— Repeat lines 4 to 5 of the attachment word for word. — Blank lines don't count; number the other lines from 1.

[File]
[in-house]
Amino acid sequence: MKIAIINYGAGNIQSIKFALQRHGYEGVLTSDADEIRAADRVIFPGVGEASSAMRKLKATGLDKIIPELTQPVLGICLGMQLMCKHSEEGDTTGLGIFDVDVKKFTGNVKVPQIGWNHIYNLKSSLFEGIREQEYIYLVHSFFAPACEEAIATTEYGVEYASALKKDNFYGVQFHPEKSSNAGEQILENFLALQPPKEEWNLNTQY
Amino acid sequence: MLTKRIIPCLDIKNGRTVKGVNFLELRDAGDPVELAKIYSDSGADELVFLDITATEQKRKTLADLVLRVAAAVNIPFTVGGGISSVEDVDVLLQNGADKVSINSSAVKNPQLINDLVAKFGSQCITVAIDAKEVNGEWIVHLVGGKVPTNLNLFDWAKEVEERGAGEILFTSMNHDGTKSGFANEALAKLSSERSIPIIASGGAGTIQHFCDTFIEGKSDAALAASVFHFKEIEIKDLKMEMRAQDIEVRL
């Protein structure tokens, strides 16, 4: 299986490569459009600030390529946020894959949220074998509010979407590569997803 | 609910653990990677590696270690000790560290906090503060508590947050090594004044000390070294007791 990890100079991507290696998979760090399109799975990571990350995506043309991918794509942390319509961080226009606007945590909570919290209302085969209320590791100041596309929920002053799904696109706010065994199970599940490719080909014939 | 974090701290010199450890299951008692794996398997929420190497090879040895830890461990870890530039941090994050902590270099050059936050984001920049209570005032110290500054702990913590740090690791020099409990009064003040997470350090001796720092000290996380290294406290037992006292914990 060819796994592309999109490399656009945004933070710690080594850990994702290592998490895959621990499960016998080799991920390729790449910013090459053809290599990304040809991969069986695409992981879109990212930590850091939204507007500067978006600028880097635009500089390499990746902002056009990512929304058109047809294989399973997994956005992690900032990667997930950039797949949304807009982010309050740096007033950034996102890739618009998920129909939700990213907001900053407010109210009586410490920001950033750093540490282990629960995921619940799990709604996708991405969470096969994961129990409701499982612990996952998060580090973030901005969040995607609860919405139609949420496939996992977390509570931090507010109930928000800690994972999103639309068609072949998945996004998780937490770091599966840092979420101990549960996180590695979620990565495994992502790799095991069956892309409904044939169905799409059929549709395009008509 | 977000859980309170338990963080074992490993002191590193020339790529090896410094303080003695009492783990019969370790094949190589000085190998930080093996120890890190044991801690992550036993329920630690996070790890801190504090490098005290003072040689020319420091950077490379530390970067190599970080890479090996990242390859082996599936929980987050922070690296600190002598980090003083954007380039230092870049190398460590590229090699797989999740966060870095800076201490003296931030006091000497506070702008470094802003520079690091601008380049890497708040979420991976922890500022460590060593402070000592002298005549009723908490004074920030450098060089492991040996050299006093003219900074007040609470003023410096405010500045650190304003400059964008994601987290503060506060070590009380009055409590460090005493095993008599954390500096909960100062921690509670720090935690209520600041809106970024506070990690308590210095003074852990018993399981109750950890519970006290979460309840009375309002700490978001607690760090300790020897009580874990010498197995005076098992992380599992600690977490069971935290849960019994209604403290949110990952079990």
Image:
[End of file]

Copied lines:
């Protein structure tokens, strides 16, 4: 299986490569459009600030390529946020894959949220074998509010979407590569997803 | 609910653990990677590696270690000790560290906090503060508590947050090594004044000390070294007791 990890100079991507290696998979760090399109799975990571990350995506043309991918794509942390319509961080226009606007945590909570919290209302085969209320590791100041596309929920002053799904696109706010065994199970599940490719080909014939 | 974090701290010199450890299951008692794996398997929420190497090879040895830890461990870890530039941090994050902590270099050059936050984001920049209570005032110290500054702990913590740090690791020099409990009064003040997470350090001796720092000290996380290294406290037992006292914990 060819796994592309999109490399656009945004933070710690080594850990994702290592998490895959621990499960016998080799991920390729790449910013090459053809290599990304040809991969069986695409992981879109990212930590850091939204507007500067978006600028880097635009500089390499990746902002056009990512929304058109047809294989399973997994956005992690900032990667997930950039797949949304807009982010309050740096007033950034996102890739618009998920129909939700990213907001900053407010109210009586410490920001950033750093540490282990629960995921619940799990709604996708991405969470096969994961129990409701499982612990996952998060580090973030901005969040995607609860919405139609949420496939996992977390509570931090507010109930928000800690994972999103639309068609072949998945996004998780937490770091599966840092979420101990549960996180590695979620990565495994992502790799095991069956892309409904044939169905799409059929549709395009008509 | 977000859980309170338990963080074992490993002191590193020339790529090896410094303080003695009492783990019969370790094949190589000085190998930080093996120890890190044991801690992550036993329920630690996070790890801190504090490098005290003072040689020319420091950077490379530390970067190599970080890479090996990242390859082996599936929980987050922070690296600190002598980090003083954007380039230092870049190398460590590229090699797989999740966060870095800076201490003296931030006091000497506070702008470094802003520079690091601008380049890497708040979420991976922890500022460590060593402070000592002298005549009723908490004074920030450098060089492991040996050299006093003219900074007040609470003023410096405010500045650190304003400059964008994601987290503060506060070590009380009055409590460090005493095993008599954390500096909960100062921690509670720090935690209520600041809106970024506070990690308590210095003074852990018993399981109750950890519970006290979460309840009375309002700490978001607690760090300790020897009580874990010498197995005076098992992380599992600690977490069971935290849960019994209604403290949110990952079990």
Image: